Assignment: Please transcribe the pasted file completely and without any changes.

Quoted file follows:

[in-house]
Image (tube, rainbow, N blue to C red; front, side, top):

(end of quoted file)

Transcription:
[in-house]
Image (tube, rainbow, N blue to C red; front, side, top):